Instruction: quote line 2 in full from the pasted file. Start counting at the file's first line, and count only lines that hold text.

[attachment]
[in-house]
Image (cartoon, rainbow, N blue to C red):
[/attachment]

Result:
Image (cartoon, rainbow, N blue to C red):